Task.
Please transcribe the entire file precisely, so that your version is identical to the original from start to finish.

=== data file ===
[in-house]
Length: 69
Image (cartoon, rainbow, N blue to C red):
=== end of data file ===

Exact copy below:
[in-house]
Length: 69
Image (cartoon, rainbow, N blue to C red):